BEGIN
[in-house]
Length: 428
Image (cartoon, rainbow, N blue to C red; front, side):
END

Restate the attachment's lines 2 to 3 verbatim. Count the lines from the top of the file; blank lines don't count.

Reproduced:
Length: 428
Image (cartoon, rainbow, N blue to C red; front, side):